Best Female Football Player Of The Year Award (Europe)Koster (surname)
Koster is the Dutch word for sexton or verger (Küster in German), derived from the Latin custos.
Koster is a common surname in the Netherlands, ranking 45th in 2007 (15,898 people). People with the surname "Koster" or "De Koster" include:
Adam de Koster (1586–1643), Flemish painter
Adrie Koster (born 1954), Dutch footballer
Annelise Koster (born 1999), Namibian artistic gymnast
Anouska Koster (born 1993), Dutch racing cyclist
Bo Koster (born 1974), American rock musician
Chava Koster, Dutch rabbi
Chris Koster (born 1964), American politician from Missouri
Chris Koster (musician), Canadian singer-songwriter
Claudia Koster (born 1992), Dutch road cyclist
Cornelis H. A. Koster (1943–2013), Dutch computer scientist
Daphne Koster (born 1981), Dutch footballer
Dominique Koster (born 1977), South African sprinter
Emma Koster (born 1984), Australian athlete
Everhardus Koster (1817–1892), Dutch land- and seascape painter
Fred Koster (1905–1979), American baseball player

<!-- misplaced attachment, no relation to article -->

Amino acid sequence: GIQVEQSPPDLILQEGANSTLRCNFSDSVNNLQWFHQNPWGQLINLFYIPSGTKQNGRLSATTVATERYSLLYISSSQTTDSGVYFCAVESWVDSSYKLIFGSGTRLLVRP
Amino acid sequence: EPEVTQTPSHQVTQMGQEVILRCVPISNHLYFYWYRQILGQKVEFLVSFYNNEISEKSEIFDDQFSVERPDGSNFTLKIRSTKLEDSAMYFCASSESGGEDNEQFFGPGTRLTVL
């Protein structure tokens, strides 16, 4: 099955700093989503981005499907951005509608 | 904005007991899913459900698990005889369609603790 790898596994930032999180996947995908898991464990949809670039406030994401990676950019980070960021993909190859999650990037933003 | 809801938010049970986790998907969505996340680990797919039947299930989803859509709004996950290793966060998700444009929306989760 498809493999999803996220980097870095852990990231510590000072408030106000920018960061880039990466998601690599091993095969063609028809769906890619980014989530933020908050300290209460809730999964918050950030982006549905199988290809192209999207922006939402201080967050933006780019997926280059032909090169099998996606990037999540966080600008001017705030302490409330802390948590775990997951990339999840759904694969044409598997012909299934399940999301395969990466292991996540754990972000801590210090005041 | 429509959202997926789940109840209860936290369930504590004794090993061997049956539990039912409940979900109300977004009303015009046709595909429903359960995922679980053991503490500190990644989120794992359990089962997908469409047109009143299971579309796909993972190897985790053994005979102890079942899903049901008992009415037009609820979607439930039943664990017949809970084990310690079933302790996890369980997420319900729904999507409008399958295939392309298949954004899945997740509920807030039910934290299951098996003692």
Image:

George F. Koster (1927–2012), American physicist a.o. known for the Slater Koster Tight-Binding method
Hans de Koster (1904–1992), Dutch politician
Henry Koster (1905–1988), German-born American film director
Henry Koster (author) (1793–1820), English coffee-grower, explorer, botanist and author
Irene Koster (1921–2012), Dutch swimmer
Jan Koster (born 1945), Dutch linguist
Jans Koster (born 1938), Dutch swimmer
Jared Koster (born 1991), Canadian football linebacker
Joëlle Rollo-Koster (born 1960s), French historian
John Koster (1844–1895), American impresario of the Koster and Bial's Music Hall
John Koster (born 1951), Washington State politician
Julian Koster (born 1972), American musician
Karen Koster (born 1980), Irish-Dutch television presenter
Kym Koster (born 1973), Australian rules footballer
Laure Koster (1902–1999), Luxembourgian swimmer
Laurens Janszoon Koster (c. 1370–1440), Dutch printer
Lou Koster (1889–1973), Luxembourgian composer and pianist
Martijn Koster (born c. 1970), Dutch software engineer
Martin Koster (born 1950), Dutch writer
Maureen Koster (born 1992), Dutch middle-distance runner
Nick Köster (born 1989), South African rugby union player
R. M. Koster (born 1934), American author
Raph Koster (born 1971), American computer entrepreneur
Samuel W. Koster (1919–2006), American army officer
Sepp Koster (born 1974), Dutch racing driverList of AFC Ajax (women) players
This article is about past and present players of AFC Ajax Vrouwen. For a list of all Ajax Vrouwen players with a Wikipedia article, see Category:AFC Ajax Vrouwen players. For the current squad, see AFC Ajax Vrouwen#Current squad.